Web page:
The Notorious R.B.G
Ruth Bader Ginsburg was an inspirational Jewish woman who championed gender equality throughout her career. Ruth Bader Ginsburg was born in Brooklyn, New York and quickly proved her intelligence and passion for social justice. One of nine women in a class of 500 at Harvard Law School, Ruth was asked to justify her position for taking a man’s spot. After an incredibly eventful time in law school with caring for her husband who was diagnosed with cancer and their three year old daughter, Ruth graduated top of her class at Columbia where she had transferred. Ruth was recommended time and time again after finishing law school for a Supreme Court clerkship but was not given an interview because she was a woman.
In 1971 during her time as a lawyer, Ruth wrote a brief to the Supreme Court for a case that she was working on. This case, Reed vs. Reed debated the preference of men over women to be executors of estates and with the brief that Ruth wrote, the Supreme Court voted no on a state law because of its discrimination on the basis of sex. This was the first time that the Supreme Court had ever ruled a state law unlawful on the basis of sex and Ruth’s brief caused a great deal of laws around the United States to be reevaluated because of discrimination.
Throughout the 1970s Ruth served as the director of the Women’ Rights Project of the American Civil Liberties Union. In 1993, Ruth was appointed to the Supreme Court by Bill Clinton and although many worried about her transition from a social advocate to a Supreme Court justice, Ruth garnered a position with a vote of 96-3 by the Senate.
Ruth Bader Ginsburg’s famous words “I dissent” represented a deviation from the tradition of “respectfully” disagreeing and with those words she showed her strength and dedication. Ruth was not a woman to back down from those who challenged her and as the second woman to serve on the United States Supreme Court, she made a lasting mark in history.
What Ruth Bader Ginsberg Means to Me…
Many members of Feminist Book Club were inspired by Ruth Bader Ginsburg and her dedication to gender equality. We asked members to reflect on the impact of Ruth Bader Ginsburg and this is what they had to say.
“RBG inspires me as a citizen to approach the way I move through the world radically. With radical compassion, we can imagine a future that is radically different than our current reality… She reminds me to not waste my time being Betty, but to channel my energy into making this effort as accessible as possible and to invite others into the conversation.”
”I learned about her and Sandra Day O’Connor and some other guy and was blown away by the tenacity she had. It was almost like Newton’s Laws of Physics, she was an immovable force who when asked to move said, ‘no, I’m good here.’ I think she leaves behind great work on equality of the sexes… she is not 100% unproblematic… but I am sad today because the US judicial system lost a behemoth of a jurist.”
“RBG was not perfect but she was a trailblazer. She championed women’s rights in her career but also by her very existence as a woman lawyer at a time where they were few and far between. She used her position of power to advocate for those that were not allowed in the rooms she occupied and levered her position to advance the rights of so many. She was a true powerhouse ahead of her time and I have no doubt she will continue to inspire generations.”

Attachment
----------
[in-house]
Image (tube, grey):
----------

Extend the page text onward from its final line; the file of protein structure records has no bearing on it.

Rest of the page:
~Renee P., FBC Founder
“I’m British, so RBG is not an institution there. But I took myself to see On the Basis of Sex when it came out… it was the first time I had taken myself out to a movie and it was great. The movie was brilliant and it kickstarted my love for RBG.”
“I first learned about RBG in a description of a photo in my history textbook, you know in one of those side boxes dedicated to anyone or anything not about white men. Then in college in a women’s studies class, we talked about RBG more in depth… but I still felt she was relegated to a separate space than the mainstream. This is indicative of a culture in which women are not part of the story but a side note, often erased from core curricula, conversations, and policy.”
Our members recognize that like all, Ruth Bader Ginsburg had her faults, but she was a pioneer for women to take up space in a time when they were not allowed to. Ruth Bader Ginsburg will be remembered for the time to come as an inspiration to continue our fight for gender equality and to give space and voices to those who may not have the opportunity to do so. In Ruth Bader Ginsburg’s memory, we must advocate for equality for all and continue our work no matter the obstacles.
To Continue Learning About Ruth Bader Ginsburg
There are a wealth of resources available to learn more about the infamous Ruth Bader Ginsburg and her impact on the United States. Below are a collection of resources to learn more through books, documentaries, and movies.
1. My Own Words by Ruth Bader Ginsburg
This book is a collection of RBG’s speeches and writings collected by the powerhouse herself. Throughout this book RBG shares her story of how she came to be and reflects on her time on the Supreme Court.
2. Notorious RBG: The Life and Times of Ruth Bader Ginsburg by Irin Carmon and Shana Knizhnik
This book examines the effect Ruth Bader Ginsburg on popular culture and her portrayal in the media.
3. I Dissent: Ruth Bader Ginsberg Makes Her Mark by Debbie Levy
A picture book to share with those young and old about Ruth’s life that teaches those that disagreeing and using your voice is something to be proud of.
4. Documentary: RBG
Nominated for best documentary at the Oscar’s in 2019, RBG is a documentary that tells the life of Ruth Bader Ginsburg and rise to popularity.
5. Movie: On the Basis of Sex
A theatrical movie that shares RBG’s upbringing and the events that led up to Ruth’s notorious case that determined discrimination of the basis of sex unlawful.